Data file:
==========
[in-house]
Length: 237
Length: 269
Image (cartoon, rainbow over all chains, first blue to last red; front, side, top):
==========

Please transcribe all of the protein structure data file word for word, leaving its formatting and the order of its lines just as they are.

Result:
[in-house]
Length: 237
Length: 269
Image (cartoon, rainbow over all chains, first blue to last red; front, side, top):